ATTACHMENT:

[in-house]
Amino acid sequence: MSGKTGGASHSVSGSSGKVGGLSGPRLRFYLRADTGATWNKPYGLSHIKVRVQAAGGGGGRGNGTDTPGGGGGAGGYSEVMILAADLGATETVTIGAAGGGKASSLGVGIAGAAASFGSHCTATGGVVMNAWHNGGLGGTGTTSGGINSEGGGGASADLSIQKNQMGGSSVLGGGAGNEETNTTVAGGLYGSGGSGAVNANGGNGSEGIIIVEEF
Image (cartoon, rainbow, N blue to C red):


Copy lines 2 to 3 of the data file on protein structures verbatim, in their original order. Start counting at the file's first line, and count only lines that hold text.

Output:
Amino acid sequence: MSGKTGGASHSVSGSSGKVGGLSGPRLRFYLRADTGATWNKPYGLSHIKVRVQAAGGGGGRGNGTDTPGGGGGAGGYSEVMILAADLGATETVTIGAAGGGKASSLGVGIAGAAASFGSHCTATGGVVMNAWHNGGLGGTGTTSGGINSEGGGGASADLSIQKNQMGGSSVLGGGAGNEETNTTVAGGLYGSGGSGAVNANGGNGSEGIIIVEEF
Image (cartoon, rainbow, N blue to C red):